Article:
Original jurisdiction in the case of Edward Cook, President, County Commissioners of Schuylkill County, Pennsylvania; John Reese, Mayor, Shenandoah, Pennsylvania; Martin J. Todd, President, Board of Trustees, Locust Mountain State General Hospital, Pennsylvania; Honorable James J. Rhoades, Senator, 29th Senatorial District, Pennsylvania; Honorable Edward J. Lucyk, Representative, 123rd House District, Pennsylvania; Donald C. Michaels, taxpayer; Council 13, American Federation of State, County and Municipal Employees, AFL-CIO, by its Trustee ad Litem, Gerald W. McEntee v. Commonwealth of Pennsylvania; Honorable Richard Thornburgh, Governor, Commonwealth of Pennsylvania; Department of Public Welfare; Helen B. O'Bannon, Secretary of Public Welfare, Commonwealth of Pennsylvania.
Richard Kirschner, with him Alaine S. Williams, Kirschner, Walters & Willig, for petitioners.
David H. Allshouse, Deputy Attorney General, with him Gregg H. S. Golden, Deputy Attorney General, Allen C. Warshaw, Chief, Civil Litigation, and LeRoy S. Zimmerman, Attorney General, for respondents.
President Judge Crumlish and Judges Rogers, Blatt, MacPhail and Palladino. Opinion by Judge MacPhail. Dissenting Opinion by Judge Blatt.
[ 61 Pa. Commw. Page 154]
Petitioners*fn1 have filed a petition for review in the nature of a complaint in equity (hereinafter referred to as the complaint) pursuant to this Court's original jurisdiction as found in Section 761(a) of the Judicial Code, 42 Pa. C.S. § 761(a). The action seeks to prevent the Respondents*fn2 from closing Locust Mountain State Hospital, a state general care hospital operated by the Commonwealth since 1923. Respondents have filed preliminary objections in the nature of a demurrer and a petition raising a question of jurisdiction.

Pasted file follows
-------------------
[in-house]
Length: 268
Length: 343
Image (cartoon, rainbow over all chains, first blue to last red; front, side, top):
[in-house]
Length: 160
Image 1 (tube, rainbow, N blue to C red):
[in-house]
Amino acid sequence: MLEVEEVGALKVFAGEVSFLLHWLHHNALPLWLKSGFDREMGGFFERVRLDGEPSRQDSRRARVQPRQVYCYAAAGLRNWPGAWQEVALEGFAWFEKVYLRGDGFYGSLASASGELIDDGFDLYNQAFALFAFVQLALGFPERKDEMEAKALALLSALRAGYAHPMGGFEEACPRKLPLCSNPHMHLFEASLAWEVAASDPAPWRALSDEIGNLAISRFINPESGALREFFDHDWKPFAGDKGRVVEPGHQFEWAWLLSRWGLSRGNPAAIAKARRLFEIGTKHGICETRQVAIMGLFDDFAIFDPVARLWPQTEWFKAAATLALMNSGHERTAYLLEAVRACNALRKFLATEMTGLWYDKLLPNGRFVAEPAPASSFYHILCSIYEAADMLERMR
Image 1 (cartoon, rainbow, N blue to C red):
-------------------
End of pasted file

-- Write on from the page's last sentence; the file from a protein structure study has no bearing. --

An order of this Court entered June 9, 1981 has granted Petitioners a preliminary injunction.
Petitioners' complaint, the material facts of which are deemed to be admitted for the purpose of this decision, is set forth in three separate causes of action. The first cause of action alleges that the decision to close the hospital is in violation of Section 4 of the Act of May 11, 1923 (Enabling Act), P.L. 199, as amended,
[ 61 Pa. Commw. Page 15535]
P.S. § 123. The second cause of action alleges a) that the decision to close the hospital violates Article I, Section 1 of the Constitution of Pennsylvania because it denies patients the right to enjoy life and liberty, and b) that the decision violates the 14th Amendment to the United States Constitution because it denies patients life and liberty without due process of Law. Petitioners' brief indicates that this second cause of action has been withdrawn, presumably in recognition of the decision of our Pennsylvania Supreme Court in Bell v. Thornburgh, 491 Pa. 263, 420 A.2d 443 (1980). The third cause of action alleges that the decision to close the hospital was made unilaterally without the agreement of the employees' bargaining representative.
Petition Raising A Question of Jurisdiction
Respondents contend that the third cause of action charges them with an unfair labor practice. They argue that under statutory and case law, the exclusive forum for the adjudication of unfair labor practice disputes is the Pennsylvania Labor Relations Board. Section 1301 of the Public Employe Relations Act (PERA), Act of July 23, 1970, P.L. 563, 43 P.S. § 1101.1301 states that:
The Board is empowered, as hereinafter provided, to prevent any person from engaging in any unfair practice listed in Article XII of this act. This power shall be exclusive and shall not be affected by any other means of adjustment or prevention that have been or ...